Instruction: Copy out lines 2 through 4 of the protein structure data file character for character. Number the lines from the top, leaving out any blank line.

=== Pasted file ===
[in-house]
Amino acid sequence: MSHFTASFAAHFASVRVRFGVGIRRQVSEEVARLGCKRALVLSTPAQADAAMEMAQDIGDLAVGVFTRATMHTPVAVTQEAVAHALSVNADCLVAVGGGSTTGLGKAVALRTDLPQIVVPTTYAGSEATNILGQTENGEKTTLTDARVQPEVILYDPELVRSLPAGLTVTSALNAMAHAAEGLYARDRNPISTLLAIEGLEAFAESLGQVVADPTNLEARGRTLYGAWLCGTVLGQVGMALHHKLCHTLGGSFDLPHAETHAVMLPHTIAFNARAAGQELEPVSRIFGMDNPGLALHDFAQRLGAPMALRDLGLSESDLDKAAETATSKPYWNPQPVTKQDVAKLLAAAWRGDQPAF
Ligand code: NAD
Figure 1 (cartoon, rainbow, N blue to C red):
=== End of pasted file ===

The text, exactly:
Amino acid sequence: MSHFTASFAAHFASVRVRFGVGIRRQVSEEVARLGCKRALVLSTPAQADAAMEMAQDIGDLAVGVFTRATMHTPVAVTQEAVAHALSVNADCLVAVGGGSTTGLGKAVALRTDLPQIVVPTTYAGSEATNILGQTENGEKTTLTDARVQPEVILYDPELVRSLPAGLTVTSALNAMAHAAEGLYARDRNPISTLLAIEGLEAFAESLGQVVADPTNLEARGRTLYGAWLCGTVLGQVGMALHHKLCHTLGGSFDLPHAETHAVMLPHTIAFNARAAGQELEPVSRIFGMDNPGLALHDFAQRLGAPMALRDLGLSESDLDKAAETATSKPYWNPQPVTKQDVAKLLAAAWRGDQPAF
Ligand code: NAD
Figure 1 (cartoon, rainbow, N blue to C red):